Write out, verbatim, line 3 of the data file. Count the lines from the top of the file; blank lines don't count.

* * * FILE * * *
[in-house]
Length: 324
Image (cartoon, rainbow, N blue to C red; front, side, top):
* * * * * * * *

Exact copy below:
Image (cartoon, rainbow, N blue to C red; front, side, top):